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Posted: September 28, 2019

Concussion awareness needs to be a priority

Letter to the Editor

Concussions are an issue facing many amateur and professional athletes. The death of Ottawa rugby player Rowan Stringer in 2013 ignited a dialogue in Ontario and across the country on the prevalence and dangers of concussions. We have to remember how crucial it is that concussions are readily identified and appropriately managed in order to optimize recovery. Given the potential for long-term impacts of serious concussions on brain development and functioning in young people, raising our collective awareness is the first line of defense.

Concussion is the most common form of brain injury experienced by British Columbians of all ages. Children, youth and young adults are particularly susceptible when they are involved in sport and recreation activities. However, concussions also occur in a wide variety of other settings, such as motor-vehicle accidents, in the workplace or at home.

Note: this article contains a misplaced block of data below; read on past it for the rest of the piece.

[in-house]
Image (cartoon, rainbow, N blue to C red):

B.C. is taking steps to raise concussion awareness beyond sport-related head injury.

The B.C. Injury Research and Prevention Unit provides the online training tool Cattonline, an internationally recognized resource for concussion identification and management. Funded by the Ministry of Health, it is an awareness training tool that includes five modules geared to medical professionals, coaches, parents, school professionals and school administrators, with work underway to expand training for other disciplines. Regardless of your career or background, I encourage everyone to take the time to interact with this very useful tool.

During the 2019 Ministers Conference in Red Deer, Alta., one of the commitments made by sport, physical activity and recreation ministers was to establish a national concussion awareness day by 2020. This will be an important step toward protecting athletes, and everyone, from the effects of concussion.

I look forward to ongoing discussions with my colleagues across government and in other jurisdictions to work to prevent concussions and build on initiatives that increase the awareness, prevention and management of concussions. Safety in our communities is a priority for all of us and raising awareness of concussions is something we can all benefit from.

Lisa Beare,

B.C. Minister of Tourism, Arts and Culture


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